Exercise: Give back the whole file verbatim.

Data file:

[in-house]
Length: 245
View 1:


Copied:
[in-house]
Length: 245
View 1: